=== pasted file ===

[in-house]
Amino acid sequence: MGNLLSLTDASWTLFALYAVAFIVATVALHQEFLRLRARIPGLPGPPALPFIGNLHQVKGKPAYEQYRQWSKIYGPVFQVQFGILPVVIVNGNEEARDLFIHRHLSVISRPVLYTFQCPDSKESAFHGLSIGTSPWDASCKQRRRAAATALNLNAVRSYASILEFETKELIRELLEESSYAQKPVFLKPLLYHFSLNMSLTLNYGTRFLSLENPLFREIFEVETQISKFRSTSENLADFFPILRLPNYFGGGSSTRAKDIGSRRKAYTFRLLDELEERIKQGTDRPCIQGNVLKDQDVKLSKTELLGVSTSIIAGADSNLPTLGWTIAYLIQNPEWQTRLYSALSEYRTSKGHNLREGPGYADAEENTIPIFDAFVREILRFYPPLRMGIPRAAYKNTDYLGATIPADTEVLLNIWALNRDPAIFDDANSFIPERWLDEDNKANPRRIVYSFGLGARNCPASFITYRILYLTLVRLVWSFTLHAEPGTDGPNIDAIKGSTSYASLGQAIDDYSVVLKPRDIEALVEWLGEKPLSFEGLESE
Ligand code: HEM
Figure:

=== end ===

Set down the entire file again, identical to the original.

[in-house]
Amino acid sequence: MGNLLSLTDASWTLFALYAVAFIVATVALHQEFLRLRARIPGLPGPPALPFIGNLHQVKGKPAYEQYRQWSKIYGPVFQVQFGILPVVIVNGNEEARDLFIHRHLSVISRPVLYTFQCPDSKESAFHGLSIGTSPWDASCKQRRRAAATALNLNAVRSYASILEFETKELIRELLEESSYAQKPVFLKPLLYHFSLNMSLTLNYGTRFLSLENPLFREIFEVETQISKFRSTSENLADFFPILRLPNYFGGGSSTRAKDIGSRRKAYTFRLLDELEERIKQGTDRPCIQGNVLKDQDVKLSKTELLGVSTSIIAGADSNLPTLGWTIAYLIQNPEWQTRLYSALSEYRTSKGHNLREGPGYADAEENTIPIFDAFVREILRFYPPLRMGIPRAAYKNTDYLGATIPADTEVLLNIWALNRDPAIFDDANSFIPERWLDEDNKANPRRIVYSFGLGARNCPASFITYRILYLTLVRLVWSFTLHAEPGTDGPNIDAIKGSTSYASLGQAIDDYSVVLKPRDIEALVEWLGEKPLSFEGLESE
Ligand code: HEM
Figure: